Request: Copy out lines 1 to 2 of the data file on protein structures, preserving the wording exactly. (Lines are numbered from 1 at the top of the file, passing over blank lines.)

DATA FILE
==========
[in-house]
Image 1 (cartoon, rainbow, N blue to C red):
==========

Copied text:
[in-house]
Image 1 (cartoon, rainbow, N blue to C red):